Cities, Matching and the Productivity Gains of Agglomeration
Government of the United States of America - Risk Analysis Division
Simon M. Burgess
University of Bristol - Department of Economics; University of Bristol - Leverhulme Centre for Market and Public Organisation (CMPO); Centre for Economic Policy Research (CEPR); Institute for the Study of Labor (IZA)
American Institutes for Research; Institute for the Study of Labor (IZA)
CEPR Discussion Paper No. 4598
The striking geographical concentration of economic activities suggests that there are substantial benefits to agglomeration. The nature of those benefits remains unclear, however. In this paper, we take advantage of a new dataset to quantify the role of one of the main contenders: the matching of workers and jobs. Using individual level data for two large US states, we show that thicker urban labor markets are associated with more assortative matching between workers and firms. Another critical condition is required for this to generate higher productivity: complementarity of worker and firm quality in the production function. Using establishment level productivity regressions, we show that such complementarity is found in our data. Putting together the production and matching relationships, we show that production complementarity and assortative matching is an important source of the urban productivity premium.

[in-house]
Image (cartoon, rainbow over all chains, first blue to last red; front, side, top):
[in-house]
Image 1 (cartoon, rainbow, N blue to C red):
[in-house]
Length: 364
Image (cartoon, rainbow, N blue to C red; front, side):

Number of Pages in PDF File: 43
Keywords: Urban productivity, matching, agglomeration
JEL Classification: J24, R12, R23working papers series
Date posted: October 25, 2004
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